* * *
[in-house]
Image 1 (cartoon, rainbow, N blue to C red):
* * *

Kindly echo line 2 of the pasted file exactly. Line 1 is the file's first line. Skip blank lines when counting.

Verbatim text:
Image 1 (cartoon, rainbow, N blue to C red):